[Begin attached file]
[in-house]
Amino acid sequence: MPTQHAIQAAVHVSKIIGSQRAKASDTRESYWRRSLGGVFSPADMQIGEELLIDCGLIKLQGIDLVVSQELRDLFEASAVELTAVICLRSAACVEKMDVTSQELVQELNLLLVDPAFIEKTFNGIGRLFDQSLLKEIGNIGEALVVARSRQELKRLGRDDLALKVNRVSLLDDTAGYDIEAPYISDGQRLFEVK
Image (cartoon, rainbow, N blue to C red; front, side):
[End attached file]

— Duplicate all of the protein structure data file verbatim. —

[in-house]
Amino acid sequence: MPTQHAIQAAVHVSKIIGSQRAKASDTRESYWRRSLGGVFSPADMQIGEELLIDCGLIKLQGIDLVVSQELRDLFEASAVELTAVICLRSAACVEKMDVTSQELVQELNLLLVDPAFIEKTFNGIGRLFDQSLLKEIGNIGEALVVARSRQELKRLGRDDLALKVNRVSLLDDTAGYDIEAPYISDGQRLFEVK
Image (cartoon, rainbow, N blue to C red; front, side):